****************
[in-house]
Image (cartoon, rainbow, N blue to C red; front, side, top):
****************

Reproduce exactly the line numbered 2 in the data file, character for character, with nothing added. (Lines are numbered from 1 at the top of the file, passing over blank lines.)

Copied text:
Image (cartoon, rainbow, N blue to C red; front, side, top):